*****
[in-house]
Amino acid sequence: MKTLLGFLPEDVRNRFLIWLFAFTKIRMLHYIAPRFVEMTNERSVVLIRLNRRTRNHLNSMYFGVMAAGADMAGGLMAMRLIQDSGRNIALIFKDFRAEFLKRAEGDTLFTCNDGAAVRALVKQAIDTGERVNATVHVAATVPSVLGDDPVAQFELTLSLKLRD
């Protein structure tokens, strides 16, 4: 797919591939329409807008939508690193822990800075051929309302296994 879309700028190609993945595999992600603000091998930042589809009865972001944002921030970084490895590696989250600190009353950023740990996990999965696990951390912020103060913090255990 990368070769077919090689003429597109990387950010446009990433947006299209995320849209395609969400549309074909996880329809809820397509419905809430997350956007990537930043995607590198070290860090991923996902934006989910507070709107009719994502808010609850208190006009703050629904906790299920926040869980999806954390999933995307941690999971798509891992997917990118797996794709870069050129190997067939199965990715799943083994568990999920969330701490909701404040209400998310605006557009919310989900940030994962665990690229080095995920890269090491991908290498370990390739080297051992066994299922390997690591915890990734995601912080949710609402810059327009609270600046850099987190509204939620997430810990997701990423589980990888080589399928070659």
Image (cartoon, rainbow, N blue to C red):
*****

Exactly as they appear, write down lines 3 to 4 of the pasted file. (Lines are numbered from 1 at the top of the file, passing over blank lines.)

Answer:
């Protein structure tokens, strides 16, 4: 797919591939329409807008939508690193822990800075051929309302296994 879309700028190609993945595999992600603000091998930042589809009865972001944002921030970084490895590696989250600190009353950023740990996990999965696990951390912020103060913090255990 990368070769077919090689003429597109990387950010446009990433947006299209995320849209395609969400549309074909996880329809809820397509419905809430997350956007990537930043995607590198070290860090991923996902934006989910507070709107009719994502808010609850208190006009703050629904906790299920926040869980999806954390999933995307941690999971798509891992997917990118797996794709870069050129190997067939199965990715799943083994568990999920969330701490909701404040209400998310605006557009919310989900940030994962665990690229080095995920890269090491991908290498370990390739080297051992066994299922390997690591915890990734995601912080949710609402810059327009609270600046850099987190509204939620997430810990997701990423589980990888080589399928070659």
Image (cartoon, rainbow, N blue to C red):